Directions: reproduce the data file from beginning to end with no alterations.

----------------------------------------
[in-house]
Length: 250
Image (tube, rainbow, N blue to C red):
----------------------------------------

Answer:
[in-house]
Length: 250
Image (tube, rainbow, N blue to C red):